Biden pledges ‘relentless diplomacy’

Tuesday, September 21, 2021

UNITED NATIONS (AP) — President Joe Biden summoned the world’s nations to forcefully address the festering global issues of the COVID-19 pandemic, climate change and human rights abuses in his first address before the U.N. General Assembly on Tuesday. He decried military conflict and insisted the U.S. is not seeking “a new Cold War” with China.

The president said the halting of U.S. military operations in Afghanistan last month, ending America’s longest war, set the table for his administration to shift its attention to intensive diplomacy at a moment with no shortage of crises facing the globe.

“To deliver for our own people, we must also engage deeply with the rest of the world,” he said.

He added: “We’re opening a new era of relentless diplomacy, of using the power of our development aid to invest in new ways of lifting people up around the world.”

Biden offered a robust endorsement of the U.N.’s relevance and ambition at a difficult moment in history, and sought to reassure wary allies of U.S. cooperation after a disagreements in recent months.

He also pledged to double U.S. financial aid to poorer countries to help them switch to cleaner energy and cope with the “merciless” effects of climate change. That would mean increasing assistance to about $11.4 billion a year. This after five months ago doubling the amount to $5.7 billion a year.

As part of the fight against climate change, rich nations for many years have promised to spend $100 billion a year in climate help, but a new study shows that they’re $20 billion a year short. Biden said his new commitment would help rich nations reach their goal.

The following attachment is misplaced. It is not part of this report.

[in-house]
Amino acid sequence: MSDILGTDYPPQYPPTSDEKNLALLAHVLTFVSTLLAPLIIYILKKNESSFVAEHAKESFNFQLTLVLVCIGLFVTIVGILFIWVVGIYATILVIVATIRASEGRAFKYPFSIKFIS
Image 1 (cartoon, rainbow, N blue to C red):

The $100 billion goal is key because in climate negotiations there’s a dramatic rich-poor nation gap. Developing nations and others are reluctant to curb emissions further of heat-trapping gases without help from developed nations, which in the words of British Prime Minister Boris Johnson, are “the guys that created the problem.”

Biden is facing a healthy measure of skepticism from allies during his week of high-level diplomacy. The opening months of his presidency have included a series of difficult moments with friendly nations that were expecting greater cooperation from Biden following four years of Donald Trump’s “America first” approach to foreign policy.

Eight months into his presidency, Biden has been out of sync with allies on the chaotic ending to the U.S. war in Afghanistan. He has faced differences over how to go about sharing coronavirus vaccines with the developing world and over pandemic travel restrictions. And there are questions about the best way to respond to military and economic moves by China.

Biden also finds himself in the midst of a fresh diplomatic spat with France, the United States’ oldest ally, after announcing plans — along with Britain — to equip Australia with nuclear-powered submarines. The move is expected to give Australia improved capabilities to patrol the Pacific amid growing concern about the Chinese military’s increasingly aggressive tactics, but it upended a French defense contract worth at least $66 billion.

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